‘Prana’ is taken in its most basic form to mean ‘energy’, and we as humans use the five forms of this energy effectively as a means to connect with the universal experiences that are the physicality and consciousness of being. Frawley outlines how the one dominant force of prana within us divides into five separate types which can be categorized according to their movement and direction, and in this blog series we will delve into each pranas individual role and effects within the body in context to the whole.

Prana, Apana, Udana, Samana, and Vyana serve as a means to help us digest and assimilate with all elements of our environment. It’s interesting to consider these actions in terms of elements outside of food and water, something which I had never ever considered before I began to glean an understanding of the pranas.
Outside of the breath, oxygen or air, prana refers to the overall life force which sustains both mind and body and has the power to maintain equilibrium between them.  While food and sustenance are included in the ‘balancing air’ of Samana, which works predominantly in the gastrointestinal tract digesting food,  it also refers to other areas which deal with digestion – namely the digestion of oxygen through the lungs, and the digestion of experiences in the mind. Whether emotional, mental or physical, the correct and balanced functioning of this particular prana is vital to achieving and maintaining a balanced lifestyle.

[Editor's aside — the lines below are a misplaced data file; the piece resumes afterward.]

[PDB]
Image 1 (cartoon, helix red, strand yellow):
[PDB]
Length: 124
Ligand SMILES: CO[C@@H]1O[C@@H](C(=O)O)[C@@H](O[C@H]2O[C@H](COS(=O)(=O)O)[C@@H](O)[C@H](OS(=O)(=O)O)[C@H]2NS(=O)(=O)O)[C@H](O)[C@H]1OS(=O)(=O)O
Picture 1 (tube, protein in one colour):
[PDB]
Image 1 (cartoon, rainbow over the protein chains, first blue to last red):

Moving towards the midline of the body from the periphery inwards, one can imagine the digestive actions of Samana in terms of inhaling and exhaling, in terms of ingesting food, and also in terms of other sensory experiences – sight, sound, smell and touch. These actions all require the assimilation of an external sensation with the internal body as it currently exists, and as such the inward flowing direction of Samana means that it is the primary prana, or energy, required to do so.


A similarly fascinating combination of movements and energy can be observed in Vyana, which aids in circulation and continuation of energy throughout the body. Having established that movement is key to living and maintaining a steady balance, it follows that one of the main pranas must deal with this continuity of motion throughout the body – be it food and water moving through the digestive process, oxygen moving through the lungs, or thoughts and emotions through the mind. This is Vyana’s role.

Cogs and Wheels

The subtle differences between these two pranic energies (Samana and Vyana) is important to be aware of when attempting to understand the power of prana, the combined functioning of which must be broken down to ensure achievement of optimum expression and balance within the body. When Samana’s role ceases after the ingestion of sensory experience, Vyana kickstarts the movement of this externally sourced energy around the internal body. In a way it’s kind of like the cogs in a machine coming into action as their individual role becomes necessary to ensure correct functioning of the whole task. Similarly, for just one of these cogs to be even slightly off or imbalanced in its alignment, the machine does not function to the best of it’s capability.

Having experienced in the past what I have now come to understand as severe imbalances of these energies, manifesting itself within my tiny and self-absorbed world at the time as varying degrees of depression and anxiety, it follows that my fascination with this particular aspect of yoga and energy consumption is ongoing and ever-expanding.

The other 3 prana, Apana, Udana, and Prana itself are similarly linked and we will continue the discussion of them in the next post.